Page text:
What does CMR mean?

What is CMR?

CMR stands for “Convention relative au contrat de transport international de marchandises par route” which translates as “Convention on the Contract for the International Carriage of Goods by Road”. It was devised by the United Nations Economic Commission for Europe and was brought into UK law by the Carriage of Goods by Road Act 1965.

When does CMR apply?

It applies to every contract for the carriage of goods by road in vehicles for reward, when the place of taking over of the goods and the place designated for delivery, as specified in the contract, are situated in two different countries, of which at least one is a contracting party to CMR.

The current contracting countries are: Albania, Armenia, Austria, Azerbaijan, Belarus, Belgium, Bosnia and Herzegovina, Bulgaria, Croatia, Cyprus, Czech Republic, Denmark, Estonia, Finland, France, Georgia, Germany, Greece, Hungary, Iran (Islamic Republic of), Ireland, Italy, Kazakhstan, Kyrgyzstan, Latvia, Lebanon, Lithuania, Luxembourg, Malta, Mongolia, Montenegro, Morocco, Netherlands, Norway, Poland, Portugal, Moldova, Romania, Russian Federation, Serbia, Slovakia, Slovenia, Spain, Sweden, Switzerland, Tajikistan, The former Yugoslav Republic of Macedonia, Tunisia, Turkey, Turkmenistan, Ukraine, United Kingdom, Uzbekistan.

It doesn’t apply:

(a) To movements between the United Kingdom, The Republic of Ireland, The Channel Islands and the Isle of Man;
(b) To carriage performed under the terms of any international postal convention;
(c) To funeral consignments;
(d) To furniture removal;
(e) To movement of your own goods.

What does it mean to me as a same day courier?

Surprisingly enough, given all the fuss that people make over it, it means Read More…

Posted under Keeping It Legal

Posted by Alec at 4:04 pm, July 12, 2008

Raising CX Invoices without a Job Confirmation

You can invoice another CX member, or even your own non-CX customer, using CX invoicing without ever having received a CX Job Confirmation. View the quick video walk-through below to see how easy it can be.


 If you can’t see the ‘instruction’ labels in the video then double-click on the image to view it through Youtube.

If you still can’t work out how to do this then please call CX, not me. You pay them for the service they provide.

Posted under Uncategorized

Posted by Alec at 10:30 pm, July 11, 2008

Terms and Conditions for Couriers

So you’ve got your Goods In Transit Insurance (up to say £15,000), you’ve got your Public Liability Insurance (up to say £1 MILLION) and you think you’re pretty much covered for everything, right? Wrong.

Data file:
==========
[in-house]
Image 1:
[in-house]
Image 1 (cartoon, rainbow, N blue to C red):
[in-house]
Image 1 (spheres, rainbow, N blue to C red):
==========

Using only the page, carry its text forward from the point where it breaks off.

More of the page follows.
Unless you only ever carry goods under your own ‘Terms and Conditions’ or ‘Conditions of Carriage’, which you make available to your customers before you carry out any work for them then you could be wide open to a claim for unlimited damages from your customer or even from your customer’s customer.

Your Goods In Transit insurance might well cover you for £15,000, but what if the goods you’ve collected are worth far more than that? A consignment of Read More…

Posted under Uncategorized

Posted by Alec at 11:14 pm, July 9, 2008

Can I claim back the VAT on the things I bought before I was registered for Vat

When you first register for VAT you’re allowed to claim back the VAT on some of the things you paid VAT on before you became VAT registered. The claim should always be made on your first VAT return. HMRC are ‘allowed’ to let you claim at a later stage but they don’t have to do so.

You must be able to provide receipts showing the VAT for anything that you claim the VAT back on in this way. Be warned that HMRC are very likely to ask to see all the supporting VAT receipts if you put in a big reclaim of VAT on your first VAT return. This is nothing to get worried about as long as you’ve stuck to the rules.

You can claim the VAT back on any ‘goods’ that you’ve Read More…

Posted under Finance and Accounting

Posted by Alec at 7:40 pm, July 8, 2008

Driver CPC – what is it and why would I need it?

The Driver Certificate of Professional Competence (or Driver CPC) is a new scheme brought in under the requirements of an EU Directive 2003/59. It will eventually apply to all drivers of Large Goods Vehicles (LGV) and Passenger Carrying Vehicles (PCV).

The Driver CPC is in no way connected with the Operator’s CPC required by Transport Managers etc to become an O Licence holder.

This is guidance for the Driver CPC as it applies to GOODS VEHICLE DRIVERS ONLY. The rules for PCV drivers will be implemented on earlier dates.

The requirement Read More…

Posted under Keeping It Legal

Posted by Alec at 2:15 pm, July 7, 2008